Monday 16 June ~
The English papers have consistently repeated that there are two Englishmen at Euro 2008. The first, Turkey's Colin Kazim-Richards, came on as a second-half substitute in their dramatic comeback against the Czech Republic last night. The second, referee Howard Webb, is still in the news for his controversial last-minute penalty award to Austria in their game against Poland last Thursday. Webb is apparently Polish “public enemy number one”, even the country's prime minister Donald Tusk said he felt like he wanted to “kill” the English referee. But for the joint-hosts the draw against Poland kept them in the competition and has allowed them to get all excited about their match against Germany tonight.
This one penalty has single-handedly altered the Austrian national team's status from an embarrassment (a 10,000-name petition urged them to withdraw prior the tournament) to a sudden object of great pride. Assistant manager Andreas Herzog made the most of this: “People joked that we should not be taking part – now it is satisfying to show that we have a real chance.” The Austrian media have duly become obsessed with the 1978 World Cup victory over West Germany in Argentina. In that match Austria beat Germany 3-2 to send the defending champions out of the competition. Current Austrian captain Andreas Ivanschitz claimed: “We need a second Cordoba. That's a piece of of history in Austrian football and we are about to rewrite it.”
The uneasy historical relationship between these neighbours includes some of the most poignant tales in football history. One such example is Matthias Sindelar, thought by many to be Austria's greatest-ever footballer and star of the 1934 Wunderteam. After the Anschluss Sindelar refused to play for the Germany national team under the Nazi regime. He died mysteriously only a few months later and ever since his death has been variously declared to be suicide, accident or even Nazi murder. Sindelar has since become an almost mythological figure.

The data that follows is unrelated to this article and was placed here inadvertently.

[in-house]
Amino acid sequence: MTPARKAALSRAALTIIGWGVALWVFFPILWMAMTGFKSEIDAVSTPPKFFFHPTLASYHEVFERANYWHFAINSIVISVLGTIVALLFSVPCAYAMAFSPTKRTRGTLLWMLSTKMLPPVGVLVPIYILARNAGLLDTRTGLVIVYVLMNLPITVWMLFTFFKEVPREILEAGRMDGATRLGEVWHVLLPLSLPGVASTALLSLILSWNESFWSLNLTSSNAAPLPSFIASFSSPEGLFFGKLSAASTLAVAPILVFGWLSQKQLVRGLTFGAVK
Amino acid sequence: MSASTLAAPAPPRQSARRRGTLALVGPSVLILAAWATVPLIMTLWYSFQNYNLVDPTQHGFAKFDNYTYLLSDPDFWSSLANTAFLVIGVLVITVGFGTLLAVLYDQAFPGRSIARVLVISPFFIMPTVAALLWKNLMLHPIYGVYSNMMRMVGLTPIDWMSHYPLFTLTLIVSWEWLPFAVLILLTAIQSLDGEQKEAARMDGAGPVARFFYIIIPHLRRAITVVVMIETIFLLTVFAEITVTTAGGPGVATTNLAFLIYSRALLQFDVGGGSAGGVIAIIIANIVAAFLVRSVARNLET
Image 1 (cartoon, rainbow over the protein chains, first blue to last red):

The pre-match build-up today is much less sympathetic. Austrian striker Martin Harnik stated: “They are under three times more pressure than us. I can see it coming to the point where they shit their pants.” The Austrian tabloids have also been taking great joy in taunting their German counterparts. On the German side it is clear that the defeat to Croatia has caused unease. Michael Ballack has admitted to tension and Miroslav Klose has reportedly accused team-mates of selfishness. Unfortunately for Austria the pre-tournament favourites have not turned into a bad team overnight and one disputed penalty (even one given by an English referee) does not bridge the huge gap between the two teams – Germany are fifth in UEFA rankings to Austria's 92nd position. Herzog at the weekend stated that “they can shove the [rankings] up their arse” and the Austrians are bullish but don't expect a repeat of 1978.